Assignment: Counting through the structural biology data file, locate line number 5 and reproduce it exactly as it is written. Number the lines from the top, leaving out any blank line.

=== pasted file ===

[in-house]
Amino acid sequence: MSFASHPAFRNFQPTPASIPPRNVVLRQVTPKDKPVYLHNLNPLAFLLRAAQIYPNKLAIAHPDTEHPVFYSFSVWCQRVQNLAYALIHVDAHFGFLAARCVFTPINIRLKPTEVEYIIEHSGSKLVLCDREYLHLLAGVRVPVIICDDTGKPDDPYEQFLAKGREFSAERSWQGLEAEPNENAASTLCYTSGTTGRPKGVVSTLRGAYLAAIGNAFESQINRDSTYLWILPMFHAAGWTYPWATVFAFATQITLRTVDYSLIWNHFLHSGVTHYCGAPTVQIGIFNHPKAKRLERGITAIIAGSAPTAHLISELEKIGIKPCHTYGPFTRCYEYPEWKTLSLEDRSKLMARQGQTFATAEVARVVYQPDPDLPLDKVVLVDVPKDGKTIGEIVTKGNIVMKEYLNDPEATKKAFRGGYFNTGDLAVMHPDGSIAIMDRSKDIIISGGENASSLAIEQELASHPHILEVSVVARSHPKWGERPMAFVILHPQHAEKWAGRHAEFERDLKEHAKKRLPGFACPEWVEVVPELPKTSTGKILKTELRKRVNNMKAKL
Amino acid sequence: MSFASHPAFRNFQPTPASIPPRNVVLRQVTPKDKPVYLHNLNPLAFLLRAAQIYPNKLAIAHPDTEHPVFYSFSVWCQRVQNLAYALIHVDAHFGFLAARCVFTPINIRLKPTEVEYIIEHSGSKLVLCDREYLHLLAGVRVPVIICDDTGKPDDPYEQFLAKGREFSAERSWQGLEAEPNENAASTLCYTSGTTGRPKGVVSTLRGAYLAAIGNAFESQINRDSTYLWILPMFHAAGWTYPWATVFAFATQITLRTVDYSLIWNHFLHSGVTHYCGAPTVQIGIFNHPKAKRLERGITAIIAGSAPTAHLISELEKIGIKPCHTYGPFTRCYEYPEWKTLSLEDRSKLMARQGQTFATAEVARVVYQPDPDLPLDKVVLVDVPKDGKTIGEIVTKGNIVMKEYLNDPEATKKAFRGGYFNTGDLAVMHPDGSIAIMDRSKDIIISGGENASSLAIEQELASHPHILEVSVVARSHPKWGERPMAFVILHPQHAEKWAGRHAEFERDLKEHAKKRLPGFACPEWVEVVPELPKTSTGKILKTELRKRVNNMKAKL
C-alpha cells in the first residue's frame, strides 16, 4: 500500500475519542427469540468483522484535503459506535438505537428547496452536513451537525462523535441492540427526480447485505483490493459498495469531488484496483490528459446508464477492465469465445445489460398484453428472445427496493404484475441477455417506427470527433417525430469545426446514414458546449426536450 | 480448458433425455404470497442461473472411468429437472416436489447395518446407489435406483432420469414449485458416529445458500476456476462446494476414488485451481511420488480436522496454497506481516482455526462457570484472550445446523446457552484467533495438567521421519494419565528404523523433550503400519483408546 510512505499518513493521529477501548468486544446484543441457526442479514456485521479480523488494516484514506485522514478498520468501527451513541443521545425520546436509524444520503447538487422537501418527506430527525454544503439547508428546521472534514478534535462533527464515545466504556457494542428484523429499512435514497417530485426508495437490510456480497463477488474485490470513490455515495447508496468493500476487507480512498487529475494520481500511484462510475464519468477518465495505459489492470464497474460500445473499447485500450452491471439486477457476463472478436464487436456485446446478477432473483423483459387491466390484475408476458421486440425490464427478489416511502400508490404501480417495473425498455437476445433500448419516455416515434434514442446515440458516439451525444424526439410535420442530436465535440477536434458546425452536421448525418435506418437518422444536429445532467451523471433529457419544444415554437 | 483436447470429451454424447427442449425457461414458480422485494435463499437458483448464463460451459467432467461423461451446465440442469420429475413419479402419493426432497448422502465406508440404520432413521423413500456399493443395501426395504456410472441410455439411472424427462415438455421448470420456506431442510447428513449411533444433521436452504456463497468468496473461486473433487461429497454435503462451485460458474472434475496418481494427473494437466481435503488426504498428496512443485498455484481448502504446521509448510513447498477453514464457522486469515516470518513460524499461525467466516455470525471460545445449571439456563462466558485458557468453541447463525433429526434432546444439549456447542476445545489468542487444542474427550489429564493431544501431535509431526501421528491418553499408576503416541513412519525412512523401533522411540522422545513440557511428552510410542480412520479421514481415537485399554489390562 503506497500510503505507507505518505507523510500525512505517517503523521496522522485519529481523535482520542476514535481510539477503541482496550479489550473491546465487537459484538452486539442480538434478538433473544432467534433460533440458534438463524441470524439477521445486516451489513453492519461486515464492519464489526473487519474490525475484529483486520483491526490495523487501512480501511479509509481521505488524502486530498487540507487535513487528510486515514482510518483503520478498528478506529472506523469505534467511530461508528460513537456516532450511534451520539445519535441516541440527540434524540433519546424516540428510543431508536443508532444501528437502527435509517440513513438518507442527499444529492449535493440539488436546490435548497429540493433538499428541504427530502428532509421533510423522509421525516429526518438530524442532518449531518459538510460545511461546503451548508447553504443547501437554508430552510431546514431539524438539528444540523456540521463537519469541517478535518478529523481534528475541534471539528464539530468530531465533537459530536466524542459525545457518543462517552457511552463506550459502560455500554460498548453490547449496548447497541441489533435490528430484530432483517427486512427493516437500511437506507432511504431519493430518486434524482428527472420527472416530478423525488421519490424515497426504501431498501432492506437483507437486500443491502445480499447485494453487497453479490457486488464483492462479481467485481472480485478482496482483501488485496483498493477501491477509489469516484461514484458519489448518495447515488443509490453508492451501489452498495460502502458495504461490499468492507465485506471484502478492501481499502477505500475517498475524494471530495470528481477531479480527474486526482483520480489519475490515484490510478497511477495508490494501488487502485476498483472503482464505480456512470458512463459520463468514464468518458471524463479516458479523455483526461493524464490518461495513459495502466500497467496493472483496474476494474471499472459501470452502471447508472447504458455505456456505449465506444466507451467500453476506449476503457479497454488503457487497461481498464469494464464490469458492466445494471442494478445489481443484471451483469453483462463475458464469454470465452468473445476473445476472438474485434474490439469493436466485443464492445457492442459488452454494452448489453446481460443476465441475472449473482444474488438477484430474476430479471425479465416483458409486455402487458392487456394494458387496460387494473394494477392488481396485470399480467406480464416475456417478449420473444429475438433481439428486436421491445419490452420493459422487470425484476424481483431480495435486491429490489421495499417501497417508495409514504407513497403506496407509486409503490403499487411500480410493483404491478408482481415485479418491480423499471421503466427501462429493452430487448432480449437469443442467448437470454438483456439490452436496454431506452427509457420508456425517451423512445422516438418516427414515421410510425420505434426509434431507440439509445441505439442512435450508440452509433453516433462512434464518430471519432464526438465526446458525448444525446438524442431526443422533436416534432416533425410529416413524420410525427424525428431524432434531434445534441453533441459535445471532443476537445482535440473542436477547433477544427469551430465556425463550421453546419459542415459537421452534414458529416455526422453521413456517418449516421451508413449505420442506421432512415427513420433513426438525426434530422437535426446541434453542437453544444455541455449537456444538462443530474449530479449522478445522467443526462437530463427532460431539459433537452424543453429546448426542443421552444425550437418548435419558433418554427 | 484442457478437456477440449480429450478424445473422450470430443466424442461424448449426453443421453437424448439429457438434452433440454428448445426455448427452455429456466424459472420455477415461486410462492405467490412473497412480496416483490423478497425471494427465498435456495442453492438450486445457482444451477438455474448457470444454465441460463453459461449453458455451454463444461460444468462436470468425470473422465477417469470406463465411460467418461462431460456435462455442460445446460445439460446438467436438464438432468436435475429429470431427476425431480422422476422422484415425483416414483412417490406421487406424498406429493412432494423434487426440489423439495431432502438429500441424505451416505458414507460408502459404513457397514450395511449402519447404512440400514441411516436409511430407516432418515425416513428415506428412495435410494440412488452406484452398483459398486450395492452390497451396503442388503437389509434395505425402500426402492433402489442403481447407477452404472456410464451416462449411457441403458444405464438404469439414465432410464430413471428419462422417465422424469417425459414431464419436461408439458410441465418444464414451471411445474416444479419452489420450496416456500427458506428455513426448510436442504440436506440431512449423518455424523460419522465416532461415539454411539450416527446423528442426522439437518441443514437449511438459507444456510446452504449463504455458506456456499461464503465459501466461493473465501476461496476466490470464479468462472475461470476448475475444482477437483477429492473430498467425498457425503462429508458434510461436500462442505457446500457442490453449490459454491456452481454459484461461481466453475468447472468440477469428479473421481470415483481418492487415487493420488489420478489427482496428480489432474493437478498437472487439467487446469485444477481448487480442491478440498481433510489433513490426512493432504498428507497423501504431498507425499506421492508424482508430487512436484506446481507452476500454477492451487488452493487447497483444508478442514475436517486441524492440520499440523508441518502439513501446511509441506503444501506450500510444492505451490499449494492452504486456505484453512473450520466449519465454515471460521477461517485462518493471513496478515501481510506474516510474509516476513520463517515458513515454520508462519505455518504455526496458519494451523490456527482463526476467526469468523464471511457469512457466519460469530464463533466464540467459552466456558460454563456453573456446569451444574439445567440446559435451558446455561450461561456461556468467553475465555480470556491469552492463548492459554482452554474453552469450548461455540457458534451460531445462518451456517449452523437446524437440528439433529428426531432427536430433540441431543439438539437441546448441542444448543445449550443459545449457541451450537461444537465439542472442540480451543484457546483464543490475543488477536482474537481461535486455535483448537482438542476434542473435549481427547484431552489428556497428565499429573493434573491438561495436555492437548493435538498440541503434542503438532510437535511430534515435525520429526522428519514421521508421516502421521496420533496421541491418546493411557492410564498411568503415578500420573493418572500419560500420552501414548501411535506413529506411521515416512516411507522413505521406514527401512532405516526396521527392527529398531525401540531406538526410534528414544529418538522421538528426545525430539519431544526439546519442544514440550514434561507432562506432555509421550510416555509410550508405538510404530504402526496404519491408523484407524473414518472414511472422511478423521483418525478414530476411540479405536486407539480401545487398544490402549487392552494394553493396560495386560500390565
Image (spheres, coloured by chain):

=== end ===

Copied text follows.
Image (spheres, coloured by chain):